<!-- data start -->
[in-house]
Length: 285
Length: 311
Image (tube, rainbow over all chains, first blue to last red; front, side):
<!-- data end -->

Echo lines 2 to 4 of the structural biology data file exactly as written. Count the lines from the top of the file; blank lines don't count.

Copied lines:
Length: 285
Length: 311
Image (tube, rainbow over all chains, first blue to last red; front, side):